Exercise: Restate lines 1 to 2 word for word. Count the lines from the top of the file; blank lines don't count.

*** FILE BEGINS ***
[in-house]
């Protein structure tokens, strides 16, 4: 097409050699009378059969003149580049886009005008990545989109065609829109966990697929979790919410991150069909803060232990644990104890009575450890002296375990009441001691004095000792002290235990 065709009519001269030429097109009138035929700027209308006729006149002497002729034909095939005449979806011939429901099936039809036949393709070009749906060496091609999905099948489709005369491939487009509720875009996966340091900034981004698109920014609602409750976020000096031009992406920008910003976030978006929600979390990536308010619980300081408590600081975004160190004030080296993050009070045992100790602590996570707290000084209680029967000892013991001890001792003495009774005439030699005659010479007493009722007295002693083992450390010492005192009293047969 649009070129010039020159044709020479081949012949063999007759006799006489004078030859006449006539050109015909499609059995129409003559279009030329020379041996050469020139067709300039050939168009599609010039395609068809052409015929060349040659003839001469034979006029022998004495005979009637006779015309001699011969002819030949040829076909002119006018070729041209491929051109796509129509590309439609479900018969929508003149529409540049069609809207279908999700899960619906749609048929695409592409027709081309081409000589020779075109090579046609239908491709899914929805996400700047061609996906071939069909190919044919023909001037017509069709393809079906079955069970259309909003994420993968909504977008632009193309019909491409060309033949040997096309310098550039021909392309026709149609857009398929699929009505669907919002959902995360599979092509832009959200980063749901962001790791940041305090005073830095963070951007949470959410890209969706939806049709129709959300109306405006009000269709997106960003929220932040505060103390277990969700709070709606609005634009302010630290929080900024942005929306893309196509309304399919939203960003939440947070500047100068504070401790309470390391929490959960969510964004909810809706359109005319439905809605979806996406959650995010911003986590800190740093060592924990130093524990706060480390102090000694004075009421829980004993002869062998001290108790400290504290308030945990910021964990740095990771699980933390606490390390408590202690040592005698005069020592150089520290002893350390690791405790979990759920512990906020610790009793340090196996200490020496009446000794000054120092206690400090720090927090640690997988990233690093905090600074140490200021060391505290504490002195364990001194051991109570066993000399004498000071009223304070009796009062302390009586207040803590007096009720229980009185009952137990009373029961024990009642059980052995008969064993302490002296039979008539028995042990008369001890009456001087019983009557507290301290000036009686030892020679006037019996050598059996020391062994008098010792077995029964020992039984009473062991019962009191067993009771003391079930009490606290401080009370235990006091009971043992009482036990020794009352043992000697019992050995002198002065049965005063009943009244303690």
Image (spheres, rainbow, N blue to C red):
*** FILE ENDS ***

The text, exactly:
[in-house]
């Protein structure tokens, strides 16, 4: 097409050699009378059969003149580049886009005008990545989109065609829109966990697929979790919410991150069909803060232990644990104890009575450890002296375990009441001691004095000792002290235990 065709009519001269030429097109009138035929700027209308006729006149002497002729034909095939005449979806011939429901099936039809036949393709070009749906060496091609999905099948489709005369491939487009509720875009996966340091900034981004698109920014609602409750976020000096031009992406920008910003976030978006929600979390990536308010619980300081408590600081975004160190004030080296993050009070045992100790602590996570707290000084209680029967000892013991001890001792003495009774005439030699005659010479007493009722007295002693083992450390010492005192009293047969 649009070129010039020159044709020479081949012949063999007759006799006489004078030859006449006539050109015909499609059995129409003559279009030329020379041996050469020139067709300039050939168009599609010039395609068809052409015929060349040659003839001469034979006029022998004495005979009637006779015309001699011969002819030949040829076909002119006018070729041209491929051109796509129509590309439609479900018969929508003149529409540049069609809207279908999700899960619906749609048929695409592409027709081309081409000589020779075109090579046609239908491709899914929805996400700047061609996906071939069909190919044919023909001037017509069709393809079906079955069970259309909003994420993968909504977008632009193309019909491409060309033949040997096309310098550039021909392309026709149609857009398929699929009505669907919002959902995360599979092509832009959200980063749901962001790791940041305090005073830095963070951007949470959410890209969706939806049709129709959300109306405006009000269709997106960003929220932040505060103390277990969700709070709606609005634009302010630290929080900024942005929306893309196509309304399919939203960003939440947070500047100068504070401790309470390391929490959960969510964004909810809706359109005319439905809605979806996406959650995010911003986590800190740093060592924990130093524990706060480390102090000694004075009421829980004993002869062998001290108790400290504290308030945990910021964990740095990771699980933390606490390390408590202690040592005698005069020592150089520290002893350390690791405790979990759920512990906020610790009793340090196996200490020496009446000794000054120092206690400090720090927090640690997988990233690093905090600074140490200021060391505290504490002195364990001194051991109570066993000399004498000071009223304070009796009062302390009586207040803590007096009720229980009185009952137990009373029961024990009642059980052995008969064993302490002296039979008539028995042990008369001890009456001087019983009557507290301290000036009686030892020679006037019996050598059996020391062994008098010792077995029964020992039984009473062991019962009191067993009771003391079930009490606290401080009370235990006091009971043992009482036990020794009352043992000697019992050995002198002065049965005063009943009244303690």